RBAC in automation controller helps reduce the repetition of manual tasks by providing predefined roles to grant access to controller objects like credentials, inventories, job templates, and more. You can also establish collections of controller objects, called “organizations,” and assign users as members with specific read, write, or execute privileges.
If you’re looking to bring improved security, compliance, and operational efficiency to IAM in container orchestration, Red Hat OpenShift® can help you manage user access to pods, nodes, and entire clusters. An enterprise-ready hybrid cloud application platform, Red Hat OpenShift allows you to manage, deploy, and scale containerized applications while taking advantage of powerful Kubernetes components—including security features like Kubernetes RBAC.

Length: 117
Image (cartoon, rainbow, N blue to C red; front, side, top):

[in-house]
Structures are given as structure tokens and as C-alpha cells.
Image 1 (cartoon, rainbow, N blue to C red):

Automate governance, risk, and compliance processes with Policy as Code
Building on Infrastructure as Code (IaC) strategy, organizations are beginning to use these practices to automate IT processes at every stage of the operational life cycle. Just as IaC standardizes the build, provisioning, and deployment of infrastructure, IT teams can adopt Ops as Code and Policy as Code to codify the management, maintenance, and governance of systems after they are deployed.